Artist residencies are an important way for educational institutions to be agents of knowledge exchange. UNSW Art & Design offers studio spaces, extensive facilities such as specialised tools and machinery, and expert staff who can provide new knowledge and insight – all of which are valuable resources for visiting artists. 

Residencies are also an opportunity for established artists and designers to share their knowledge and skills.  By working in an environment with students, residency recipients are in a unique position to act as ‘teachers’ and examples of how to find one’s way as a creative professional.     

Aboriginal and Torres Strait Islander artists and designers have a particularly valuable contribution to make to creative arts faculties as part of universities. Engagements will Indigenous artists and designers offer opportunities to share and exchange insights into culture, race, racism, community, history, storytelling and the significance of creative expression with diverse non-Indigenous communities.   

UNSW Art & Design recognises the exchange of information and skills between Indigenous artists and designers and communities of students and staff by way of Indigenous arts residencies open opportunities to enrich and build cultural connections. 

As part of these dialogues, transmission and exchange UNSW Art & Design is pleased to announce the establishment of the Bowen Bungaree Aboriginal and Torres Strait Islander Arts Residency program, named in honour of Bowen Bungaree, the first documented Aboriginal artist from Sydney who sailed with John Oxley aboard the cutter HMS Mermaid in 1823. 

This year, residencies were offered to eight Indigenous artists and designers, four of whom, Lucy Simpson, Tony Albert, Shevaun Wright, and Ethel-Anne Gundy, are already at the campus working in their nominated studio area or will be within the next month. The artists and designers selected for the inaugural residencies have well established and dynamic practices.

Lucy Simpson, a UNSW Art & Design graduate and a Yuwaalaraay woman belonging to the freshwater country of the Walgett and Angledool areas of North West NSW, is a successful Sydney-based textile artist.  She is the recipient of the UNSW Art & Design Object Award in Design alongside the Longina Phillips Textiles Award and is the founder of Gaawaa Miyay, a contemporary Aboriginal design business.  Lucy’s textile patterns often feature elements of the Australian landscape including leaf and bark patterns, birds, fish, and rock formations. She says that early morning walks around the Cook River in Marrickvile give her new inspiration and widen her imaginative thinking.  Lucy will use her art residency to explore a new avenue of visual expression in the area of printmaking. 

Tony Albert, born in Townsville, is a contemporary artist working in the areas of painting, photography, sculpture, and mixed media.  He is the recipient of the Basil Sellers Art Prize (worth $100,000) and the Telstra National Aboriginal & Torres Strait Islander Art Award (worth $50,000).  His public artwork, Yininmadyemi - Thou didst let fall, is a permanent feature at the Hyde Park War Memorial in commemoration of the contribution Indigenous soldiers have made within the Australian armed forces from the Boer War and WWI, to East Timor and Afghanistan.  Tony’s work is largely known for text appropriated from popular film, music, and art history, together with photographs of his family in Lucha Libre, and an immense collection of “Aboriginalia” (a term the artist coined to describe kitschy objects and images that feature naive portrayals of Aboriginality).   To further develop his Aboriginalia collection into a 2 dimensional form, Tony will work in the area of printmaking for his residency at UNSW Art & Design.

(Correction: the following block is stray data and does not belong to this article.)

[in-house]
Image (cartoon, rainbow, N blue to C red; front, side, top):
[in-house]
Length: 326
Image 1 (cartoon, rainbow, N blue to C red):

Practicing artist, lawyer, and UNSW Art & Design graduate, Shevaun Wright, will return to Australia this month to take up her art residency at UNSW Art & Design after completing an independent study program at the Whitney Museum in New York City.  Shevaun is the 2015 winner of the Parliament of NSW Aboriginal Art Prize (worth $40,000).  Her winning installation, Site Specific Work (Suggested Corporate Names — Catholic Child Abuse Compensation Entity), dealt with child sexual abuse and examined an array of legal, racial, and gender issues.  Shevaun’s more recent arts practice explores the genre of ‘glitch art’ – the corruption of digital files and video codecs and the way in which this impacts on the formation of identity.  Her resulting portraits are based on databent images rendered from television.

Ethel-Anne Gundy is an Australian actress, artist and UNSW Art & Design graduate.  Alongside Anita Hegh, Miranda Tapsell, and Ursula Yoyich, Ethel-Anne plays an Indigenous woman in Kate Grenville’s extraordinary tragedy, The Secret River, which was staged at the Sydney Theatre Company and directed by Neil Armfield.  She’s also played character roles in the ABC hits, Black Comedy and Redfern Now.  As a practicing artist, Ethel Anne works in the areas of painting, sculpture, and installation, exploring the fallout of the forced removal of Aboriginal children from their families and their subsequent institutionalisation.  These issues have personal resonance for Ethel-Anne as they are her own stories. As an art resident at UNSW Art & Design, Ethel-Anne plans to learn new skills and techniques to broaden her arts practice, particularly in the area of sculpture.

The Bowen Bungaree Aboriginal and Torres Strait Islander Arts Residencies are 12 months in duration and are designed to assist in the development of specific projects over this time.